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24 responses were received for the survey. 

75% of organizations surveyed are already delivering competency-based learning or planning to do so. Numerous barriers to implementation were cited, the most frequent being:

  • the difficulty in evaluating/assessing competencies in a scalable fashion,
  • faculty and staff time required for creation and implementation of a competency-based system,
  • lack of faculty and staff expertise in competency-based education and constrained staff resources for developing a competency-based system,
  • the challenge of curriculum reform,
  • lack of clear, evidence-based competency definitions to work with, and
  • a lack of software support for the goals for competency-based learning. 

Respondents reported that they would consider using technology standards to support competency-based education and assessment for a broad range of contexts:

  • Medical education (75%), nursing (38%) and allied health (33%)
  • Undergrad (38%), postgrad (46%) and CPD (54%)
  • Maintenance of competence (33%) and certifcation/licensure (33%)
  • 12.5% reported that they would not consider using technology standards at this time.

In ranking the different uses of technology standards (based on our working group use cases) on a 7-point scale with 1 being not important and 7 being important, respondents ranked all of the uses cited as being somewhat important.  In descending order of importance, the uses are:

  • Record performance data as evidence of competence for learning or assessment (mean 6.0)
  • Search a system to find curricular components (for example learning activities or assessments) addressing a particular competency (5.8)
  • Record activities related to and evidence of competence within a portfolio that details the expected competencies and how the individual has progressed relative to each competency (5.8)
  • Search a system to develop a report that details what competencies are addressed in the curriculum (5.7)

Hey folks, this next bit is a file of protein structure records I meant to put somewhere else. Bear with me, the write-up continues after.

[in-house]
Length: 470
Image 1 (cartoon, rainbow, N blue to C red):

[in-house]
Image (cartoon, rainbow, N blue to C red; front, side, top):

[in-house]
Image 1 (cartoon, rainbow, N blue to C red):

• Direct a clinician to learning based on gaps in competence (remediation) (5.5)
  • Qualify the link between a competency/ontology and a person or curricular component, (e.g. the degree to which a learner has demonstrated a competency) (5.5)
  • Index a competency framework against a controlled vocabulary, terminology, or ontology (5.4)
  • Compare competence data for a clinician against a benchmark (gap analysis) (5.3)
  • Export a portfolio or portion of a portfolio (5.3)
  • Map one set of competencies to another (5.1)
  • Use a machine readable set of competencies or learning outcomes developed by a collaboration or another organization (import it into the system) (4.6)
  • One additional use of competency standards offered was that of federated search strategies for finding articles, resources or activities linked to competencies.

When asked if they use or plan to use a technology platform to accomplish certain tasks, the majority of respondents indicated that they currently use technology platforms to develop and deliver learning materials. The majority indicated that they currently or plan to implement multiple sets of competencies for a single curriculum, and implement controlled vocabularies, taxonomies, ontologies to support competency-based learning.  The majority are planning to use technology platforms to associate curricular components with competencies, track learner progress towards competency, track where competencies are addressed in the curriculum, and recommend learning based on gaps in competence.  The ability to export a competency-based portfolio was equivocal.

When asked what a competency definition should include, 95% indicate that it should include a competency statement. A majority also indicated that it should include narrative description of the competency, typing (knowledge, skill, attitude, role, etc.), conditions of performance, performance criteria, outcome criteria, and recommended evaluation and assessment methods.  Only 26% wished to represent multiple languages within a framework.  One respondent added the ability to define different levels of achievement based on the level of the learner (beginner, intermediate, advanced).

When asked what a competency framework should include, 100% of respondents indicatd that it should include groupings of competencies under a category, role, or other structure. 90% indicated that a framework should describe hierarchical relations. A majority indicated that it should also include non-hierarchical relationships and narrative descriptions/introductions for categories or other components.  A minority wished to include references/associations to outside resources.  One respondent added links to an evidence base(related to references).

When asked if they would find technology standards useful on a scale of 1 to 7 with 1 being not useful and 7 being useful, 78.3% of respondents indicated that they would find technology standards useful (7) or somewhat useful (6).

See Survey Results.

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